Quick Tour of GNOME Apps
How do I run GNOME?First question most people have is "How do I start GNOME?". Currently the preferred method is to have the following in your $(HOME)/.xinitrc file (or whatever file your window manager is started by):
background-properties --init & keyboard-properties --init & mouse-properties --init & panel & exec <your favorite window manager>
The (background, keyboard, mouse)-properties programs restore the previous settings you setup. This way you can set your mouse sensitivity, background pixmap, etc, once and it will be automatically restored.
The panel is a toolbar type window which allows you to put applets (clocks, talking fish, load meters) and launch targets (click on them to run the program) in a convenient location.
Finally, you run your window manager. GNOME does not require you to run a particular window manager. Keep your eye out, however, for updated versions of most window managers that are GNOME-aware and GNOME-enhanced (at the moment icewm and enlightenment have some enhancements, others soon to follow).
If everything went according to plan, you will have a desktop that looks like this (your window manager/X11 init script may put other things on the desktop as well):
How Do I Quit GNOME?The second most asked question is how to get out of GNOME. If you have a panel running, you will want to select 'Logout' from the main panel main (see figure below).
Then select 'Yes' and you will be logged out from the GNOME panel:
Logging out of the panel will allow it to save all your settings so that it comes up just like it was when you left it. Then you can quit your window manager to leave X.
If you cntl-alt-backspace out of X, or just quit your window manager, then the panel will not have a chance to store these settings.
In the (near) future, there will be a much cleaner mechanism for starting and leaving GNOME. This current arrangement still works very nicely, and allows you to customize the desktop and panel settings via a graphics interface and have those settings become permanent. Sure beats editting configuration files by hand!
Other GNOME apps to try
The GNOME Software MapCheck out the GNOME Software Map for a comprehensive list of GNOME applications.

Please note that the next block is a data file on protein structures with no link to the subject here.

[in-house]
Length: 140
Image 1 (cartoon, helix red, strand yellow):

PanelThe best thing to try first is the panel application. From there you can try launching all the GNOME apps you have installed. You can add applications and applets, which are programs which are swallowed by the panel when run, to the panel bar. At the moment some of these features are being reworked to take advantage of CORBA, so they are not all there yet. This work is quickly being completed.
To add an application to the panel bar, just select the '...' button in the menu entry, then select 'Add this launcher to panel'. You can drag the entries in the panel around with the middle mouse button. The right mouse button brings up a configuration menu, and the left mouse button activates the item.
To add an applet to the panel bar, select 'Panel', 'Add applet', and then the applet you want to add. There are numerous applets, feel free to play with them all.
As of the current development version of the panel running with ORBit, the panel has been known to crash when you try to remove an applet. If you ever want to clear the panel back to its original state, just use the command:
and then restart the panel. It will go back to its original state the first time you ran it.cd ~/.gnome rm -rf panel.d
Electric EyesThe latest work of Rasterman from RHAD Labs. Think of what Raster did for window managers, and think of what he could do for xv. This is it. Currently handles tons of image formats, allows many image manipulations, and has a awesome logo to boot. Supports drag events from gmc, try it out! The name of the application is ee.
Games Games GamesIf you like to waste time and have some fun, check out the games for GNOME:
Desktop PropertiesThese apps control how your desktop behaves and looks.
gnome-help-browserThe help browser is a useful place to find documentation on your system. It supports several document types - check out the online help available once you run it.
YagircYagirc is a cool irc client for GNOME. There is usually a version on the GNOME ftp site in RPM or source format.
BalsaBalsa is a mail client which understands a wide variety of mail formats. It is also usually available in RPM or source format.
Cool tricks!Well, you read this far so here are some cool tricks to try out. Drag and Drop (DnD) is very important in the GNOME environment. Start up electric eyes (ee), and then right click and select 'Open'. Find a directory with the file select that has alot of graphical files in it and select that directory. Electric Eyes will load in everything underneat the directory. Now right click and select 'Edit/Thumbnail view'. This will bring up a window with all of the images you just loaded in thumbnail view. Now just left click and drag one of these images from the thumbnail view and drop it on the panel. The panel will now use that image for its background! You can also drag a image from gmc (the file manager) onto electric eyes. You can tell if program will accept a drop because the cursor will change to a little piece of paper during the drag when it is on top of an acceptable drop target.
The following apps have DnD features:
Permission to use material from the GNOME website was kindly granted by Michal Fulbright.
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